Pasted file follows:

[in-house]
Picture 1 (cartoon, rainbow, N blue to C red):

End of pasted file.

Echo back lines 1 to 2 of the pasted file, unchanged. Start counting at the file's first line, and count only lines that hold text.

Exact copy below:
[in-house]
Picture 1 (cartoon, rainbow, N blue to C red):